At times, becoming a senior citizen isn’t such a wonderful experience.
Sure, there are lots of things that are great about getting older.But there can alsobe emotional and physical pain, along with bouts of loneliness and depression that can make each day extremely difficult for the elderlyand their loved ones.
Thankfully, there is some good news.
We all know that greatfeeling we get when we hug a friendlyanimal, right?
Nowadays, more health organizations are using animals to help their patients and residents feel better, too. It’s especially true for seniors.
Mary Farkas, director of therapeutic activities for the Hebrew Home by RiverSpring Health in Riverdale, New York, believes the benefits of animal-assisted therapy are big.Her facility implemented the Pet-Pals program that allows animals to interact with its residents on a regular basis.
The dogs all undergo training and are eitherCanine Good Citizensor in the process of becoming one.
“They are temperament tested to besure they are appropriate for this kind of work,”Mary told Upworthy. “They also receive ongoing training from our trainer.”
Here are three noteworthy ways animal-assisted therapy adds a little sunshine to the lives of seniors.
1. Pets help with their memory.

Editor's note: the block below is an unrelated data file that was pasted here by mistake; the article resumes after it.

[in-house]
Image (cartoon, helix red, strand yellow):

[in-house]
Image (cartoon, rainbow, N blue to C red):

Studies have shownthat seniors’ minds are stimulated while they’re interacting with animalsand after the animals have left.
“We have residents who have raised puppies in their younger days, and they can recall vivid memories as soon as they see our therapy dogs,” Mary told Upworthy. “It’s really greatto see.”
Not only that, interacting with pets also helps stimulate their minds because they remember the animals’ names.
Check out Hebrew Home resident Beverly Herzog with her pet therapy dog, Marley.
“Oftentimes Beverly asks if Marley is going to give her a kiss today,” said Catherine Farrell, assistant director of therapeutic activities at the Hebrew Home at Riverdale. “It’s almost as if Marley is hers.”
And yes, Beverly gets thosekisses from her pal, Marley.
2. Pets help get them out of their shell.
Sadly, many seniors become lonely and solitary as the days go by. Thatresults ina lot less talking.
But when therapy pets arebrought into the equation, loneliness is reduced significantly and they help seniors become more social.
“Some of our residents don’t communicate verbally on a regular basis,”Mary said.”But when they see our pets, they’ll usually make a point to speak to the animals. It’s wonderful to see them break out of their shells.”
3. Pets simply make them happier.
There are many benefits to animal-assisted therapy for seniors,ranging from lower blood pressure to increased amounts of exercise, but arguably the most important one is how happy pets make everyone around them.
Even the individuals who are not being treated feel happier when observing a pettherapy session.
“Our residents show so much joy and excitement when they are around our therapy pets,” Catherine said. “It makes everything worthwhile.”